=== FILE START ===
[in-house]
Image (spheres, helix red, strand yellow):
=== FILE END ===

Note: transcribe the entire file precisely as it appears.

[in-house]
Image (spheres, helix red, strand yellow):